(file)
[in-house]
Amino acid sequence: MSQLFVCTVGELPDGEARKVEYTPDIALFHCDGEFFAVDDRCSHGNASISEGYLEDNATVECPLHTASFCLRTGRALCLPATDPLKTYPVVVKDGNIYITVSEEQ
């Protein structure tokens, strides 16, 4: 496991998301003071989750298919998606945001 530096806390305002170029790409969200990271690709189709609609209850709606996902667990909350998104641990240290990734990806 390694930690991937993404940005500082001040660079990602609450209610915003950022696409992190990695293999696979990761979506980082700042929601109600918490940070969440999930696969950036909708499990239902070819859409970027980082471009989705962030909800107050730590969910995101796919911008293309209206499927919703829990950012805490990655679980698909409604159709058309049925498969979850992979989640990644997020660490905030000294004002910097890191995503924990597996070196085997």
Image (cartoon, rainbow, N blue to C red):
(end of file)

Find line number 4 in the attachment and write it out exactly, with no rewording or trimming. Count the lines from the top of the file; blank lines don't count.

Image (cartoon, rainbow, N blue to C red):